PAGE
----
The other day, I was discussing genealogy with a friend and she said to me, “So, genealogy is just one big walk down memory lane?” I thought about this, and while I think that genealogy might be more of a drive down the memory interstate highway, I could not get this idea out of my head. I began to think of how some of us like to mosey down memory lane. For some, this might involve looking through old emails or pulling out a memory box. For me, it means flipping through old yearbooks.
I recently discovered that Ancestry.com has a database of United States middle school, high school, and college yearbooks from 1880 to 2012. The database is searchable by names and dates, and it is also browseable by city, state, and school. Although the database is a bit spotty (much to my dad’s relief, the yearbooks from his years at the United States Merchant Marine Academy are not yet uploaded), I still found it to be a great resource to help me (literally) put a face to the names in my family history.
Aside from being able to see one’s relatives in their youth, I enjoyed finding the clubs and activities that my family had participated in. For example, in my great-uncle Bill Happ’s 1947 senior yearbook from Doylestown High School in Pennsylvania, I saw that he seemed like quite the active person, especially with the basketball team. (As a side note, this is something that seems especially funny to my family since the running joke is that the Happs are all too short to play basketball.) While Uncle Bill’s association with basketball came as a surprise to me, finding my grandfather Charles G. Happ’s involvement in ROTC band when he graduated from La Salle College in 1954 was completely expected. My grandfather has always been a musical person, often active in multiple bands at any given time.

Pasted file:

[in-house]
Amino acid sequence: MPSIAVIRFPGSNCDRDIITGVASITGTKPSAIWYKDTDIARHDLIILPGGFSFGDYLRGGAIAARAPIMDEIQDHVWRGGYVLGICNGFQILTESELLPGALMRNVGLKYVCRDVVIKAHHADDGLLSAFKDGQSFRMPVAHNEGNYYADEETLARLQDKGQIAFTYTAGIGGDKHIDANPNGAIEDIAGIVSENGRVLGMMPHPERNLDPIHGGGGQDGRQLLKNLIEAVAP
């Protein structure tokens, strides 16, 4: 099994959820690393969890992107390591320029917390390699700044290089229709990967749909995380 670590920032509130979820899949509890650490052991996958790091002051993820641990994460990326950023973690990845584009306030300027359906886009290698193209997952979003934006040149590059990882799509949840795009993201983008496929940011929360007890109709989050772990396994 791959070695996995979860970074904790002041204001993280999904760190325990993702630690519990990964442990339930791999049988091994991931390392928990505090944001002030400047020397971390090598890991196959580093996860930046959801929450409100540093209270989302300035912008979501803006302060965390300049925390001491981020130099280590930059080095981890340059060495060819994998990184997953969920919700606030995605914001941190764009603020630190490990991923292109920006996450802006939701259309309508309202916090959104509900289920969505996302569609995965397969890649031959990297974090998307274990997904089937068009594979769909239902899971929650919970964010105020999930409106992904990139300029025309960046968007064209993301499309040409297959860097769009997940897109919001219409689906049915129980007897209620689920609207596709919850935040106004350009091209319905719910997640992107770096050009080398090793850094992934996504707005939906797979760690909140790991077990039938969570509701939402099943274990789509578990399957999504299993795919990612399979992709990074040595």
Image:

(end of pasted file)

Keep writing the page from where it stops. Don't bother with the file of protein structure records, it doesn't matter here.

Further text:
Something that took me by surprise when looking at a photo of my grandfather when he was a senior in college was the resemblance between him and my 19-year-old cousin, Eric. People have always told me that my mom and I look very similar, but this was the first time that I saw such a direct physical correlation between my generation and my grandfather’s generation.
In addition to tracking my family’s history (and appearance) through yearbooks, I also found it interesting to track the evolution of yearbooks themselves. In my grandfather’s 1954 yearbook from La Salle College, as well as my great-aunt’s 1968 yearbook from Gwynedd-Mercy College, their full home addresses can be found listed. My high school yearbook (from 2009) and my college yearbook (from 2013) do not even list my home town, let alone full address. I suppose this is a reflection of an evolution of how we communicate and correspond with each other, from writing letters to finding old classmates on Facebook or other social media outlets.
After searching through yearbooks for a few hours, I came to a realization – although yearbook formats may have changed, one thing hasn’t: those cringe-worthy and awkward photos that pop up in every yearbook. For now, I am counting my blessings that Ancestry.com has yet to upload my high school yearbook!